And there should definitely be a longish discussion in Core about anathema and enforcement to encourage GMs to be at least vaguely in sync. (I also want Core to include short essays on each anathema to try to create a common understanding, but that's neither here nor there.)

And there should definitely be a "no falling" optional rule... in Pathfinder 2e Unchained. It's not trivial material, in that there should be discussion of the implications of the change, possible explanations and their implications. And like any other optional rule, it's there for the GM to choose for their campaign, though obviously players can always make requests.

But I don't think Paizo has any obligation or much reason to push all GMs to cater to any player who wants to play a particular class but not be subject to some of its mechanics, whether those mechanics are anathema or not---especially when the rest of the PCs are subject to them.


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Pathfinder Roleplaying Game Superscriber

Like that Banksy painting. :P


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Sorcerer aside, the design of most classes is heavily influenced by the connotation surrounding the classes name. It is why barbarians rage, wizards study, and rogues sneak attack. In an edition where you are focusing on existing players (PF1, for example), you can focus on the connotation internal to the gaming culture. The more you are trying to get new players (which I believe is a goal of PF2), the more you should consider the external connotation (which can be influenced by the gaming one, as seen in paladins).

That means that, in the beginning, clerics and paladins are going to be servants of the gods with mechanics that support that. Over time there will be more alternatives for dedicated players, but they aren't going to confuse the new players with that.


First of all, to everyone advising me that what I'm asking for will likely not appear in the CRB if ever, I'm already resigned to that. I said I was prepared for a long haul, and I meant it. I was pushing for a completely alignment-restrictionless Monk back during P1E's Beta Playtest, and I believe I kept at it all during P1E's run. And while we got to see the Martial Artist and Sin Eater archetypes, we never got the any-alignment Monk Class, even up to P1E's end. And now look at it, finally fixed and everything. So I realize that I'm pushing more for the sake of P3E or later than for any change we'll likely see during this edition.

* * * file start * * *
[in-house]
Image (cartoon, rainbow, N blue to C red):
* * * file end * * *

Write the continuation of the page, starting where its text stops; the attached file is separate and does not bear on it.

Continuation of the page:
The Raven Black wrote:

I feel that you really underestimate the ability of a player to impose something on their GM.

What you propose does not erase a need for iron will and exceptional negotiating skills. It just puts it solely on the GM's shoulders. Which is not by any way fair IMO

No, I believe a player of sufficient negotiating skill can push for plenty. But regardless of what it is, or how easy it is to implement, or even whether the GM agrees with the player, it's still something the GM has to address that he otherwise wouldn't have to, thanks to the player. It paints the player as nitpicky or unpleaseable in a way that exercising an already existing option doesn't.

And it no more puts anything on the GMs shoulders than the alignment-restrictionless Monk or the Fury Totem. The GM, if he wants a game where PCs don't have those options, would have to show that iron will and negotiating skills you talked about to push that goal. Why is that an acceptable burden on the GM, but expanding that to include imposing Anathema on Clerics or Champions is suddenly a step too far?

MaxAstro wrote:

Tectorman, the thing you are ignoring, I feel, is that Pathfinder as a system, especially in 2e, is tied to Golarion the setting.

"Twi'lek Jedi that was once an apprentice to a Sith lord but had a change of heart" is a totally valid and interesting character concept, but it's not relevant to Golarion and doesn't belong in Pathfinder core, to use an extreme example.

Thank you for at least calling that extreme example for what it is. And I get that P2E is no longer setting-neutral like P1E was supposed to be (even though it fell short of that promise, too). Thing is, I believe that in any case where the setting integrity (of any setting) may come into conflict with the underlying social contract, the setting should have far less priority. Exploring alternative interpretations for Cleric the Class to be in the game even without the Anathema of Cleric the Concept should be on the list of things to do long, long before "we're keeping Anathema; deal with it" or "no, you don't have to pay attention to this Anathema, you just have to pick a different class".

Fuzzy-Wuzzy wrote:

Oh, dear. That's far less optional---quite mandatory, really---than I'd thought. I apologize to you for misunderstanding your intentions, and to anyone I may have confused about them.